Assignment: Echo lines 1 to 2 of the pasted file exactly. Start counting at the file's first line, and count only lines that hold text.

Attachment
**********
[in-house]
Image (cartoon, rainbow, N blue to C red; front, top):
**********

[in-house]
Image (cartoon, rainbow, N blue to C red; front, top):